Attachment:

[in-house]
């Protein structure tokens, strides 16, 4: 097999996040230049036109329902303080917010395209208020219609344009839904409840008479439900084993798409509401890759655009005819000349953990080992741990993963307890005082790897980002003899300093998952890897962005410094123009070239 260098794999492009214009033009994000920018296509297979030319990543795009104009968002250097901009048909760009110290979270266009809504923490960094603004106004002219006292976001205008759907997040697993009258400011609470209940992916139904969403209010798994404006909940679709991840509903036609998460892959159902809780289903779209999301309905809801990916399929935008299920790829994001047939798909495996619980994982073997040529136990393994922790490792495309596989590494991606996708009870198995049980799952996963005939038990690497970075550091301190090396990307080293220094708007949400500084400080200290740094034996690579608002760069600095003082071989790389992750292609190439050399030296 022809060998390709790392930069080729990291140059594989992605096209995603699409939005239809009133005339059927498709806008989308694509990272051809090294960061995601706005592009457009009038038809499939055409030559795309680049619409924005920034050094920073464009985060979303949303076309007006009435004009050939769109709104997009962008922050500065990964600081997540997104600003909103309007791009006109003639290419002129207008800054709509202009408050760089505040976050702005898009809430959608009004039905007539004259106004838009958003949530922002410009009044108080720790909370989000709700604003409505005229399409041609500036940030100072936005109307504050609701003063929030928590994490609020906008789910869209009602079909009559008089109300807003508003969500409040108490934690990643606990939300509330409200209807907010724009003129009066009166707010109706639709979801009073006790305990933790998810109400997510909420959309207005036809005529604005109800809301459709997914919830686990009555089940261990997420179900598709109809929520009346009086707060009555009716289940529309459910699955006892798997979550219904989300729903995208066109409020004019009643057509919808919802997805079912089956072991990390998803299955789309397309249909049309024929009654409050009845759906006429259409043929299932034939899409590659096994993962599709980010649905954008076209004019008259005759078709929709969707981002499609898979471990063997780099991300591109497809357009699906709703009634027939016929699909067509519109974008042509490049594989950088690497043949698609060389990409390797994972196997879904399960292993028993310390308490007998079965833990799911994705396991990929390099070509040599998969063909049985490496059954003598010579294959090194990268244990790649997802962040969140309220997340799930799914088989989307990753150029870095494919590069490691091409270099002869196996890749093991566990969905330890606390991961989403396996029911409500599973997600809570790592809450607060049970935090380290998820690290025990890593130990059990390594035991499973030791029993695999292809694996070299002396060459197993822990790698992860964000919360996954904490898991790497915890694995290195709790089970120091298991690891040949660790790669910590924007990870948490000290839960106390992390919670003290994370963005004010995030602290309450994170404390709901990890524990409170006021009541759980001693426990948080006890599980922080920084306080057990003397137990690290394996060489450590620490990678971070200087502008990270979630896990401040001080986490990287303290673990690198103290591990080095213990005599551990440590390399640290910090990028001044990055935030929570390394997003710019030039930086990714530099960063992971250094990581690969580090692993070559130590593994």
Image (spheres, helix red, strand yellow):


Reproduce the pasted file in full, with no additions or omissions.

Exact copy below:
[in-house]
């Protein structure tokens, strides 16, 4: 097999996040230049036109329902303080917010395209208020219609344009839904409840008479439900084993798409509401890759655009005819000349953990080992741990993963307890005082790897980002003899300093998952890897962005410094123009070239 260098794999492009214009033009994000920018296509297979030319990543795009104009968002250097901009048909760009110290979270266009809504923490960094603004106004002219006292976001205008759907997040697993009258400011609470209940992916139904969403209010798994404006909940679709991840509903036609998460892959159902809780289903779209999301309905809801990916399929935008299920790829994001047939798909495996619980994982073997040529136990393994922790490792495309596989590494991606996708009870198995049980799952996963005939038990690497970075550091301190090396990307080293220094708007949400500084400080200290740094034996690579608002760069600095003082071989790389992750292609190439050399030296 022809060998390709790392930069080729990291140059594989992605096209995603699409939005239809009133005339059927498709806008989308694509990272051809090294960061995601706005592009457009009038038809499939055409030559795309680049619409924005920034050094920073464009985060979303949303076309007006009435004009050939769109709104997009962008922050500065990964600081997540997104600003909103309007791009006109003639290419002129207008800054709509202009408050760089505040976050702005898009809430959608009004039905007539004259106004838009958003949530922002410009009044108080720790909370989000709700604003409505005229399409041609500036940030100072936005109307504050609701003063929030928590994490609020906008789910869209009602079909009559008089109300807003508003969500409040108490934690990643606990939300509330409200209807907010724009003129009066009166707010109706639709979801009073006790305990933790998810109400997510909420959309207005036809005529604005109800809301459709997914919830686990009555089940261990997420179900598709109809929520009346009086707060009555009716289940529309459910699955006892798997979550219904989300729903995208066109409020004019009643057509919808919802997805079912089956072991990390998803299955789309397309249909049309024929009654409050009845759906006429259409043929299932034939899409590659096994993962599709980010649905954008076209004019008259005759078709929709969707981002499609898979471990063997780099991300591109497809357009699906709703009634027939016929699909067509519109974008042509490049594989950088690497043949698609060389990409390797994972196997879904399960292993028993310390308490007998079965833990799911994705396991990929390099070509040599998969063909049985490496059954003598010579294959090194990268244990790649997802962040969140309220997340799930799914088989989307990753150029870095494919590069490691091409270099002869196996890749093991566990969905330890606390991961989403396996029911409500599973997600809570790592809450607060049970935090380290998820690290025990890593130990059990390594035991499973030791029993695999292809694996070299002396060459197993822990790698992860964000919360996954904490898991790497915890694995290195709790089970120091298991690891040949660790790669910590924007990870948490000290839960106390992390919670003290994370963005004010995030602290309450994170404390709901990890524990409170006021009541759980001693426990948080006890599980922080920084306080057990003397137990690290394996060489450590620490990678971070200087502008990270979630896990401040001080986490990287303290673990690198103290591990080095213990005599551990440590390399640290910090990028001044990055935030929570390394997003710019030039930086990714530099960063992971250094990581690969580090692993070559130590593994």
Image (spheres, helix red, strand yellow):